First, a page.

I understand much betterer now ... two-year schools can have different motives/goals/principles than four-year schools.

flylo
01-31-2017, 12:01 AM
I left college out of boredom and joined the Army in 1967. Against all odds, it had a profoundly positive impact on my life, especially the year I spent in language school. I mastered the language, and found that I liked the feeling of mastering a skill. When I was discharged (after a year in Vietnam), I went back to university with the GI bill and 17 college credits (for my army language) in my back pocket, as well as a much improved study ethic. I had good fortune that sadly many others of that era did not.

We live in an era in which national service (need not be in the military) is ridiculed and disparaged, by too many.

So many kids go to college with no idea what they want from life, just because their "supposed to". I think they need some real life experience then go to college. If you earn it most appreciate it, if it's just given most don't. Living at home & going to high school & going off to college is a huge step many people just aren't ready for.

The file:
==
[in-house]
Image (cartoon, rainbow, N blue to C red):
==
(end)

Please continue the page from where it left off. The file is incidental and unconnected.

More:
Evan
01-31-2017, 12:05 AM
The point of this is that I was able not only to parrot back the facts and equations that I had been taught, but I could put them together in a way that was new to me. For me, this was perhaps one of the most informative moments of my whole four years there. I learned a very valuable thing.

That is the mark of "fluid intelligence" and is also the mark of a high IQ. That matters a lot and is a big part of the SAT. The SAT is considered to be an IQ test and is directly correlated to IQ test scores. The very disappointing thing there is that some years ago they had to "normalize" the SAT scores because the average scores were going too low. So they recalculated how it is scored to raise the average back to where it used to be.